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I thank the minister for early sight of her statement, and I welcome the opportunity that we all have in 2020 to celebrate the international year of plant health, and to raise awareness of the importance of plant health to the economy and, indeed, to the natural environment and the biodiversity of Scotland—particularly now, when the “State of Nature 2019” report says that, of the 6,413 species found in Scotland, 11 per cent are currently threatened with extinction, which highlights the fact that Scotland’s wildlife has declined substantially in recent decades.
Data is important, but I question the priority that the Government places on research and data collection, given that last year Ellen Wilson, who is the chair of the Scottish biodiversity information forum, urged the Scottish Government
“to establish integrated local and national structures for collecting, analysing and sharing biological data to inform decision making processes to benefit biodiversity.”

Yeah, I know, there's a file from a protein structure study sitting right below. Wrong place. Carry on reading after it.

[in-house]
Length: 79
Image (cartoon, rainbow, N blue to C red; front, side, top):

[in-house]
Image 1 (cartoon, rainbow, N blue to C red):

As we heard at the Environment, Climate Change and Land Reform Committee in September, there remain concerns over the lack of funding. A year on from her plea in 2018, Ellen Wilson stated:
“We have heard brilliant words that are often not backed up with sufficient sustainable funding that would take the pressure off the network.”—[Official Report, Environment, Climate Change and Land Reform Committee, 17 September 2019; c 5.]
Can the minister give us an assurance that the statement that we have just heard is not just about “brilliant words”, but ensures that we have the funding and a national data collection structure in place so that we will have accurate data available in order to make the best interventions to safeguard plant health and, in turn, tackle our biodiversity emergency?